Antique Brooches – A Versatile Accessory

Brooches are a versatile accessory that can be worn as a dress clip or to secure a scarf. Our collection includes antique and period pins from the Georgian, Victorian and Art Deco eras.

Grand tour brooches were often bought as souvenirs on the typical European holiday for upper classes. These were made using mosaic inlays with semi precious stones like malachite, lapis and aventurine fitted closely together or micro mosaic techniques to depict scenes or motifs on a dark background.


Over the years many antique brooches uk have gained significance and meaning – often as symbols of love, mourning, or family relationships. This is particularly true of cameos which were a popular form of portrait art during the late 19th century when delicate mother of pearl or hardstone brooches could depict a close family member.

In the Grand Tour era brooches were worn as souvenirs of European holidays and would typically depict pictorial scenes, ancient Roman architecture or flowers and animals. Embossing on metals such as gold, silver and bronze was also a common decorative technique.

The Art Nouveau jewellery era of the early 1900’s was characterised by flowing sinuous lines and designs featuring natural forms such as flowers, fauna and insects. Designs also featured plique a jour enamel which allowed light to shine through the jewel. The 1950’s saw a resurgence in feminine brooches with spray and floral bouquet designs favoured along with rhinestones that resembled diamonds.

En tremblant

A ravishing late 18th / early 19th century Georgian flower brooch masterfully crafted ‘en tremblant’, the main floral clusters set with ten transitional modern round cut diamonds alternating with linear settings of old mine and rose cut diamonds to accentuate each head. It is further adorned with an eagle head French purity mark indicating the piece was made from gold of at least 750 parts out of 1000 (i.e. 18. karat).

Antique Cameo Brooches

Cameo brooches are created by carving an image into a rock, gemstone or sea shell and then adding a coloured background. Often they are portraits of famous people but can also be mythological animals or scenes. From a Victorian Era mourning brooch to a stylish Art Deco hat pin, a cameo is a classic way to accent your outfit. Use your brooch to fasten a scarf or headscarf or to add some extra flair to your outfit at weddings and formal occasions.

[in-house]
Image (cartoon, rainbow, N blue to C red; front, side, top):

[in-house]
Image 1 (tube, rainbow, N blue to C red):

Grand Tour Brooches

The resurgence of the brooch as an essential accessory has been evidenced in recent high jewellery collections from Chanel, Boucheron, Chaumet and many more. We have also seen them being worn by celebrities such as Uma Thurman who wore the vintage Bird Brooch from our collection at the Met Gala in NYC.

During the Georgian and Victorian eras the Grand Tour was a traditional chaperoned trip for upper class men and women to visit the cultural and artistic richness of Europe, particularly France and Italy. They would often purchase Grand Tour brooches as souvenirs of their travels.

These pieces were predominantly made from micro mosaic inlays of pietra dura and glass tessera. The former used semi-precious stones such as malachite, lapis and aventurine which were fitted closely together like a puzzle to create scenes or motifs. The latter used a similar technique but with black materials, particularly the black jet sourced from Whitby and vulcanite, which was fashioned into brooches in various sentimental motifs.

Victorian Brooches

Brooches are a classic accessory for any outfit, whether pinned to a blazer, securing a scarf or adorning a hairstyle. From ornate Victorian shell cameos to art deco pins, a brooch can bring your look together.

Enamelled brooches were a popular style in the Georgian and early Victorian Eras. The engraved surface was coloured by enamel, which created vivid areas of colour on the metal surface. Enamel was also used to create patterns that reminded people of their loved ones.

Mourning jewellery was very popular throughout the Victorian era and often featured black enamel and a picture of the deceased. They sometimes contained a lock of hair and seed pearls to represent tears.

After the Victorian era, art nouveau jewellery was very light and airy, reflecting the movement’s themes of nature and femininity. Featuring delicate flowers and animals, these beautiful pieces are a wonderful addition to any collection.

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